But the most important thing now, thinking about this child is, if we had child trigger locks on all these guns, we could keep them alive. So I hope Congress will break the log jam and I'm going to invite the conferees down here to do it.

Let me finally say, again, this is a truly astonishing turnout of people around this table, and together, if we work on it over the next few years, we can literally save the lives of millions of people and it couldn't be done without the presence of all these people and I'm very grateful to them.

Thank you. Thank you very much.

QUESTION: Mr. President, if legislation was sent to you that ended the business of ammunition clips and included safety locks without -- did not include the gun show loophole, would you veto that?

CLINTON: Well, I don't know. I think they'd have a very hard time explaining why they did it.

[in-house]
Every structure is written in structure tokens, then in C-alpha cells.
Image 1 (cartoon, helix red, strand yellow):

Let me remind you, when I signed the Brady bill, and the NRA opposed it, they said, Oh, this Brady bill won't do any good now because criminals don't buy their guns at gun shops, they buy their guns at gun shows and these urban flea markets, or on the sly, one-on- one. They never -- they don't use gun shops.

Well, come to find out 500,000 people couldn't get a handgun because they were felons, fugitives or stalkers, and it's a safer country because of it.

Now, that we want to extend the background check to the gun shows, they say the people that -- they say the criminals don't use the gun shows, even though five years ago they said they did. There is no logical reason to let these gun shows off the hook on the background checks. And the technology is there to do it without causing a total breakdown.